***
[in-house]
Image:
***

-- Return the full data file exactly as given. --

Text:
[in-house]
Image: